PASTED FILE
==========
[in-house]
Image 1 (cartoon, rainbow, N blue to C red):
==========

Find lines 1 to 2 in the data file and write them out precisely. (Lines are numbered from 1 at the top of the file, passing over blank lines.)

[in-house]
Image 1 (cartoon, rainbow, N blue to C red):